Chicago Workers' Compensation Lawyer
Representation for Seriously Injured Workers
Were you injured on the job? If so, you are covered by workers' compensation from the moment you began working. An employee who is injured during the course of performing work duties is almost always eligible for workers' comp benefits. However, depending upon the severity of the work injuries or illness suffered while on the job, the benefits provided by the system may vary greatly.
Your workers' compensation benefits may include:
- Reasonable medical care to cure or relieve the injury;
- TTD benefits (temporary total disability) paid during the period of recovery;
- TPD benefits (temporary partial disability) for workers on lighter duties during the period of recovery;
- PTD benefits (permanent total disability) for workers that are injured to the degree that work is no longer possible;
- Vocational rehabilitation benefits in approved programs;
- Death benefits for the surviving family members for work-related fatalities.
Injured workers often assume that there will be no problem getting benefits; but in many cases, it can be much more difficult than expected. Employers dispute certain cases, often claiming that the injuries are either exaggerated or happened outside the workplace.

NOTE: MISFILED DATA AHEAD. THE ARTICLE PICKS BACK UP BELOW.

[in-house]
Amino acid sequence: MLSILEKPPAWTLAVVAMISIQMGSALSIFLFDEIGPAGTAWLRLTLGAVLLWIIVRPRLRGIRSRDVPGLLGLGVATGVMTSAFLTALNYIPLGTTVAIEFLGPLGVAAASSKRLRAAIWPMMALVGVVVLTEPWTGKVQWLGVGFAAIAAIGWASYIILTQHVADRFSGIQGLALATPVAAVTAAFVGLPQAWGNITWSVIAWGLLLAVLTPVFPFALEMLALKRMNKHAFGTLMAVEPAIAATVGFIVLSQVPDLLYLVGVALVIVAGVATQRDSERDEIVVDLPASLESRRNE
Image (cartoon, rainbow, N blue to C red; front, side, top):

As a result, the injured employee is sometimes left struggling without income and is forced to appeal the insurance company's decision. These are usually complex cases involving the submission of evidence, and they may require appearances at hearings. If you or a loved one was seriously injured at work, it is imperative that you seek legal help to assist you.
At Mitchell S. Sexner & Associates LLC, we have extensive experience with all aspects of the workers' compensation system in Illinois. We fight for the rights of injured workers. Call us at (800) 996-4824 immediately for assistance after a work-related injury or illness.
Understanding the Different Types of Disability
There are four different types of disability you might be able to qualify for, depending on the severity of injuries and how long they will affect your well-being.